Status for 2011: Made just $1,937 in 10 events on the Canadian Tour last year and has lost his card. "I have no status right now and have lost some sponsors, sponsors that I just can't ask anything more of," Horn said. "I'll try some tournaments this year after I work on my game in the spring."
Biggest lesson of 2010: "Just learning to keep my head up. There are going to be highs and lows."
Game priority in 2011: "Just to get back to shooting low scores. Simplify the game and have fun."
Something I never thought I'd do that I've done in pursuit of my golf dream: "I think the driving. You feel like you'd go anywhere. I once drove to Vegas to play in a tournament, then straight to Austin (Texas) and luckily I made some money so I didn't have to drive straight to California from there. Just putting the miles on."
Jordan Krantz, 30
Vermilion Bay, Ont.
Turned pro 2006. Manitoba Amateur champ 2004, 2005.
Status for 2011: No official CanTour status. Member of Gateway Tour for winter play. Plans to play Canadian Tour Q-school in March.
Biggest lesson 2010: "I think perseverance. And a little bit more believing in myself and my abilities. And maybe not being so tough on myself."
Game priority for 2011: "Short game. I'm continuing to work hard on that. And keeping up the consistency I've had."
Something I've done that I never thought I'd do in pursuit of my golf dream: "If you'd told me 10 years ago I'd live in South Africa and go to Asia, all to play golf, and play in Mexico and all over the U.S. and Canada, that wouldn't have seemed very realistic to me then. But I'm finding that to be successful, you have to do anything and everything to get to that point."
Adam Speirs, 32
Turned pro in 2001. Manitoba Amateur champ, 1999 and 2001. Greater Vancouver Charity Classic winner in 2008.
Status in 2011: Made $4,334 in 10 starts on CanTour in 2010; is a past champion and keeps a card in the veterans' category for 2011.
Biggest lesson in 2010: "It's a recurring lesson, that for my game, putting is almost the only thing that matters. Driving the ball is a close second but when I went to second stage (of Q-school) and I drove it well and didn't putt worth a damn. So that for me is the recurring lesson, to putt well."
Game priority for 2011: "Become a better putter."
Something I never thought I'd do that I've done in pursuit of my golf dream: "I never thought, in all of my wildest dreams, that I'd be playing golf in South Africa, which I did in 2009. That was just an amazing experience. And another thing, I never thought I'd have such amazing relationships with guys on tour. There is something about the Canadian Tour and pro golf in general, that it's such a bonding experience."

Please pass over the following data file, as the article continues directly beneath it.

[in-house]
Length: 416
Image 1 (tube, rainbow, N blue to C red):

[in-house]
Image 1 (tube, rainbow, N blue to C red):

Matt Johnston, 26
Turned pro 2007, Manitoba Amateur champ 2006.
Status for 2011: Lost CanTour card, went back to Q-school and regained conditional status. Playing Hooters Tour winter series and pro series.
Biggest lesson of 2010: "I would say patience. Once again with all the tournaments, playing all the time, it's easy to get ahead of yourself and lose perspective with where you're at and what you're doing."
Game priority for 2011: "Short game, 100 yards and in."
Something I never thought I'd do that I've done in pursuit of my golf dream: "I didn't think I'd be spending half my life in a car. And also the places you go and people you meet."
Tyler Mancini, 26
Turned pro 2009. Manitoba Match play and Mid-amateur champ.
Status for 2011: Lost CanTour card. Will attend CanTour's Florida winter Q-school in late March. Playing Gateway Tour.
Biggest lesson of 2010: "Not sure there's one that stands out. This is a different style of play because there's travelling and you have to get used to different kinds of golf courses and adapt quickly. I think it was a most important year in terms of understanding what it takes to go low and being comfortable going low and lower."
Game priority for 2011: "You're always working on your swing but this year I'm trying to focus a little more on short game. I have a good short game to begin with but these guys out here, it's really good."
Something I never thought I'd do that I've done in pursuit of my golf dream: "You do a lot of crazy things. I've billeted a few times trying to save some cash. At the tournament in Seaforth last year, I billeted out at a farm, about a half-hour away. We were called up for supper and the lady takes me out to the garage and hands me this pitchfork and asks me to harvest some potatoes. She pointed me to the garden, asked me to get some potatoes and said we'll wash them up for supper."
Republished from the Winnipeg Free Press print edition March 26, 2011 C4